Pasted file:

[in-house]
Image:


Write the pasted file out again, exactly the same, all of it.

[in-house]
Image: